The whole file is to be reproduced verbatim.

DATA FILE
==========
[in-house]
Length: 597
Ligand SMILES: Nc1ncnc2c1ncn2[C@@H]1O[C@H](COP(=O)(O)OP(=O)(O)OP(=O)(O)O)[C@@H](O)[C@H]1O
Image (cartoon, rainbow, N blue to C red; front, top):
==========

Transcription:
[in-house]
Length: 597
Ligand SMILES: Nc1ncnc2c1ncn2[C@@H]1O[C@H](COP(=O)(O)OP(=O)(O)OP(=O)(O)O)[C@@H](O)[C@H]1O
Image (cartoon, rainbow, N blue to C red; front, top):